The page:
Yahoo to make SSL encryption the default for Webmail users. Finally.

Yahoo Inc Chief Executive Marissa Mayer attends the annual meeting of the World Economic Forum (WEF) in Davos in this January 25, 2013, file photo. Mayer was asked at an all-staff meeting several weeks ago whether her rigorous hiring practices had caused the company to miss out on top engineering talent in Silicon Valley's hyper-competitive job market. REUTERS/Pascal Lauener/Files (SWITZERLAND  - Tags: POLITICS BUSINESS)

Yahoo Inc Chief Executive Marissa Mayer (Pascal Lauener/Reuters/File)

Beginning Jan. 8, Yahoo will enable encryption by default for users logging into its Web-based mail service, the company has told The Washington Post.

"Yahoo takes the security of our users very seriously," the company said in an e-mailed statement. Yahoo began offering users the option to use the SSL encryption standard earlier this year. The option "encrypts your mail as it moves between your browser and Yahoo's servers," according to the company.

In January, the option will be switched on for all Yahoo users.

Yahoo has lagged behind its major competitors in offering encryption for its Webmail service. Google offered SSL as an option for Webmail in July 2008 and made it the default for Gmail Web users in early 2010. It became an option for Microsoft's free Webmail service Hotmail in November of 2010 and became the default for Webmail logins during the switch to Outlook.com in July of 2012. Social networking site Facebook started offering SSL as an option in November 2011 and made it the default for U.S. users in February of this year and for the world this past July.

Amie Stepanovich, Director of the Domestic Surveillance Program at the Electronic Privacy Information Center commended Yahoo for the move. "It's always a positive thing when companies take steps to protect their customers' information," she said, but noted,  "unfortunately, this often only happens after a harmful event."

These moves to encryption for free Webmail services constitute a major privacy gain for users, but there are other circumstances where data associated with e-mail could be less secure. For instance, the e-mail apps on some mobile devices may not support the SSL encryption standard, exposing users on those devices to possible snooping by third parties.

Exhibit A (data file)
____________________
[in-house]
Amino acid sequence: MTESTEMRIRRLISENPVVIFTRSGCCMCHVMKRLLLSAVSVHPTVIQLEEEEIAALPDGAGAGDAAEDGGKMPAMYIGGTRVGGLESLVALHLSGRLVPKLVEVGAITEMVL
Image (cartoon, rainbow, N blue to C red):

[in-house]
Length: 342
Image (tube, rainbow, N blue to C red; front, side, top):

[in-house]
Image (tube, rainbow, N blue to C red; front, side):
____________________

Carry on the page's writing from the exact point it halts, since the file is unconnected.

In addition, while Yahoo is finally implementing SSL by default, Google and Facebook are already moving on to higher levels of security, with longer key lengths and 'perfect forward secrecy' in order to keep the prying eyes away.

Christopher Soghoian, the Principal Technologist and a Senior Policy Analyst with the American Civil Libertes Union's Speech, Privacy and Technology Project, said he's glad Yahoo has finally implemented encryption. But he expresses disappointment it took them so long.

"It is unfortunate that it has taken Yahoo four years to do what Google was able to do in 2010: deploy HTTPS encryption, for all users, by default," he argued. "Yahoo's glacial progress on this issue has been a gift to intelligence agencies around the world, who have been able to perform massive, dragnet-surveillance of Yahoo users' unprotected emails."

The ACLU, Electronic Frontier Foundation, Reporters Without Borders, and other organizations had long asked the company to implement SSL encryption for Webmail. But nonprofit advocates weren't the only people who had urged Yahoo to make the shift: Sen. Chuck Schumer (D-N.Y.) sent a letter to several companies that did not use SSL, including Yahoo, asking them to change their practices in light of privacy concerns in February of 2011 — nearly three years before Yahoo expects to make the switch.

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